Local cantor teaches at Europe’s 1st confab of female Jewish clergy

BERLIN — It was a rare scene. A student rabbi from Belarus and a cantor from Berkeley stood on the same bimah, both far from home and both women.

But it happened last week in Berlin, at the first-ever European conference of female rabbis, cantors and Jewish educators.

The conference, called Bet Debora Berlin, featured presentations by some 25 European women and one Californian — Cantor Pamela Rothmann Sawyer. The event was designed as a forum to address issues regarding women in Judaism. Sponsored by a variety of groups, including the Berlin Jewish community and the Ronald S. Lauder Foundation, the event drew about 200 participants, mostly women.

Most discussions, workshops and services took place in the Jewish Community Center of Berlin, a building that occupies the same space where the first female rabbi delivered a sermon. Rabbi Regina Jonas, who was ordained in 1935, died in Auschwitz in 1944, only a few months before the camp was liberated.

Her spirit was invoked by several opening speakers, including Rabbi Sybil Sheridan of the Leo Baeck College in London.

“We are her future,” she told the crowd Thursday of last week. “May we prove ourselves worthy of the aspirations that she did not live to fulfill.”

By the end of the conference Sunday, that goal seemed to have been met.

“This was so very positive, especially for those of us who live in the far corners of the Jewish world,” said Nelly Kogan, a student rabbi who leads the progressive congregation Simcha in Minsk, Belarus.

Cantor at Alameda’s Reform Temple Israel, Rothmann Sawyersaid she thought too many people “came to the conference having rejected what they don’t understand” in traditional Judaism.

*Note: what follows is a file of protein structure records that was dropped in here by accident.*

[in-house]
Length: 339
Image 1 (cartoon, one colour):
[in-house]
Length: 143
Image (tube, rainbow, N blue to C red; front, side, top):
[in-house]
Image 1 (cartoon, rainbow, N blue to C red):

Rothmann Sawyer, who is also an educator at both Temple Israel and at Berkeley’s Conservative Congregation Netivot Shalom, became a member of the Conservative movement’s Cantors Assembly last month.

“They’re rejecting Orthodoxy because that’s all that they’ve been exposed to and they have not been allowed to participate in it,” she said Monday after returning to the Bay Area. “I strongly believe they need to know what they’re rejecting. Education is critical for them at this point because they’re building new movements.”

At the same time, some of the conference’s more observant guests felt shut out by the lack of strictly kosher food and meager opportunity for traditional prayer, while those with less Jewish education wished for explanations of prayer services.

But praise for the conference itself was overwhelming.

“The conference gave me a chance to talk about what German Jewish culture means to the world,” said New Yorker Ilse Perlman, 82, who grew up in Berlin.

For European Jewish communities still recovering from the Holocaust, the event was seen as a reaffirmation of Jewish diversity and of this century’s developments for Jewish women: ordination, new lifecycle rituals and practicing traditions formerly reserved for men, such as reading from the Torah.

These practices are not new in the United States, but progressive Jewish groups in Europe are struggling for their acceptance, even in Germany, the birthplace of the Reform movement.

In a small room in the Jewish center, Rothmann Sawyer, 46, taught men and women how to chant from the Torah.

“I believe that making the words of the Torah understood, through chanting, is of primary importance,” she said. “People remarked on the fact that they were able to understand, and they were very pleased.”

Down the street, Rabbi Sylvia Rothschild of Orpington, England, shared rituals that were new to many Europeans, including marking the birth of a daughter or the loss of a baby.

Mostly, participants were looking for ways to express themselves as Jews, and there was no lack of encouragement.

“I want to see more women on the bimah, learning Torah, and I want to see it in Europe,” said Rothmann Sawyer, who has come to Germany for several summers, teaching Jews how to read Torah.

Toby Axelrod

Toby Axelrod is JTA’s correspondent for Germany, Switzerland and Austria. A former assistant director of the American Jewish Committee’s Berlin office, she has also worked as staff writer and editor at the New York Jewish Week and published books on Holocaust history for teenagers.